Laughing he continued, “Sorry, I get carried away.  The words may be technical, but if you think in terms of any of my horses, you’ll understand what I’m saying.”

“Actually, I do,”  Christina said, surprising them all.

“It’s why some pictures of horses are so beautiful and others mediocre.  It’s the horse they choose to draw.  Sometimes I used to wonder why they bothered because there’s a discernable difference I could never explain.  They were nice horses, but just not as beautiful.“

“There is a lot to know about horses.  I couldn’t explain everything in a few short minutes, but simplified, the whole appearance depends on balance, proportion and on what you’re going to use the horse for.”

“The horse I just described is a good riding horse for example.  The draught horse  is altogether different.”

“So each horse has its own set of peculiarities.”

“Yes, Christina, my explanation is very basic, and just the beginning.”

“I’ll explain all the terms I used some time if you’re really interested.”

Andrew showed the most interest and was confirmed when he added, “I’d enjoy that.”

“Paul laughed, “Sorry, I could talk about horses forever, but we don’t have all day; I guess we ought to get busy if we’re going to leave on time.”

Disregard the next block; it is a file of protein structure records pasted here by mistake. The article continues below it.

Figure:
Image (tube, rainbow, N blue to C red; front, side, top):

“Oh, right.  Mind if I take the first shower?”  Christina asked.

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Ode to coffee the elixir of life

Never will there ever be strife

When a cuppa is handed across

Delighted faces, hands of applause

Whatever your choice, abundantly clear

Coffee makes your day, aroma premiere

I prefer strong, black, and white

Never a second cup will I fight

Savour a good book, music, and coffee

Wherever it be quite plain or frothy

Nothing beats that first cup of coffee

Tantalizing delicious whispering softly

Come sit, relax, partake and enjoy

Sincerely heaven, the real mccoy







Critical Error 42


“I noticed Andrew’s reaction when he saw us at the pool table.  Besides, I’m not sure that the other kid’s parents would think about it either.”

“I’m sure they would be as happy for me as I am.  As for Andrew, he’s going to have to accept that one day I will meet someone special.”

“I know, but we don’t have to push him too far, too fast.”

“I appreciate your thoughtfulness, thank you.”  She kissed him tenderly on the lips.  “Are you up for a cup of java?”

“You betcha.”

“I told the kids we were leaving around eight-thirty so I figured a light breakfast was in order.”